Disapproving of Japanese commercial whaling on environmental and ethical grounds is an opinion, but whaling is economically unsustainable – that’s a fact.
The Tokyo Organising Committee of the Olympic and Paralympic Games promoted the 2020 Olympics as the first zero carbon games in the history of the international sporting event, but conservationists took the attention on Tokyo as an opportunity to assert that as long as Japan continues its practice of commercial whaling, the games cannot be considered environmentally friendly.
The international community largely perceives whale fishing as cruel, whereas Japanese fisherman view it as a gift. Environmental organizations such as Greenpeace and Sea Shepherd are staunchly critical of whale hunting and the practice has been outlawed in many nations, although Japan recently resumed commercial whaling in 2019 after a 31-year hiatus.
Strongly negative perceptions of whaling from an animal rights perspective distract from the reality of the situation: the Japanese whaling industry is on the brink of collapse, and the success or failure of upcoming seasons will determine its future. Commercial whaling in Japan isn’t economically viable, and the fragile industry is being propped up by government subsidies.
A History of Whaling in Japan
Japan’s announcement that it would withdraw from the International Whaling Commission (IWC), the global body charged with whale conservation and the management of whaling, in December 2018 was highly controversial. Japan officially resumed commercial whaling in 2019 after it temporarily ended commercial hunting in 1986, although Japan had continued scientific whaling in the interim. In Japan whale hunting is a centuries-long tradition, potentially dating back as early as the Jomon period (14,500 BC-300 BC), but it did not begin on a larger scale until the late 17th century, and only in coastal communities.
By the late 19th century, whales were nearing extinction due to overfishing. After World War II when other food was scarce, whale consumption in Japan became common. More efficient fishing methods and industrial factory ships worsened the stock situation throughout the 20th century until IWC members implemented a hunting moratorium. Conservationist organizations were pleased by the decision, but whaling countries, including Japan, Norway, and Iceland, held hope that the moratorium would be lifted once the whale population had time to recover and members could agree on sustainable hunting quotas. At a meeting in Brazil in September of 2018, when the IWC adopted a declaration reaffirming “the importance in maintaining the moratorium on commercial whaling,” it became clear that the moratorium was not temporary.
Regardless, the moratorium allowed for some exceptions, including scientific whaling and subsistence whaling for indigenous populations. Since 1987, Japan has harvested between 200 and 1,200 whales annually, justifying this as scientific whaling to determine sustainable fishing quotas and monitor population growth. As whale meat harvested for research usually ended up for sale afterwards, critics assert that “scientific whaling” was a farse Tokyo used to hunt whales for food.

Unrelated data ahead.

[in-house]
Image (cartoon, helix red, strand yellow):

Whaling Is Not Culturally Relevant, Nor Is It Nutritionally Necessary
In the end, the realization that the commercial hunting moratorium would never be lifted prompted Japan to depart from the IWC. Since leaving the IWC, Japanese whalers avoid hunting in international waters and fish instead only inside Japan’s exclusive economic zone. Japan has also complied with the IWC’s rigid regulations for resource assessment, which demonstrates Tokyo’s commitment to fishing sustainably to appease the international community.
Whaling companies like Kyodo Senpaku are not permitted to harvest more than 1,500 tons of whale meet, a quota set by the Japanese government. The amount is less than the 2,400 tons that was previously allotted, and changing Japanese tastes means that whale meat prices are falling. In the 2018 financial year, sales were at 3 billion yen ($27 million), but that dropped to 2.6 billion yen ($24 million) in 2020 because the price of whale meat dropped from approximately 1,200 yen ($11) per kilogram to 800 yen ($7). As whale meat was eaten out of necessity following World War II, it is traditionally regarded as an inexpensive source of protein, not a delicacy. Whale meat was eaten widely in school lunches throughout the 1950s and 60s, giving it the image of a low-level food among older Japanese people.
Kyodo Senpaku, which owns the country’s sole long-range whaling vessel and currently dominates the floundering industry, operates at a significant loss. Although it leads the Japanese whaling industry, it took 1.3 billion yen ($12 million) in annual subsidies during 2020. That has been replaced by 1 billion yen ($9 million) in government loans for 2020, which it will receive until 2024. After this point Kyodo Senpaku’s whaling industry must become financially independent. In 2020, the Japanese Fisheries Agency paid 5.1 billion yen ($46 million) total in government subsidies to the whaling industry.
The bottom line is that Japanese whaling is unprofitable, and the industry remains afloat because of taxpayer subsidies. Unless the whaling industry can turn a profit, which is unlikely considering that stockpiles of unsold whale meat continue to grow and whale consumption is approximately 1 percent of its peak in the 1960s, it won’t survive for long.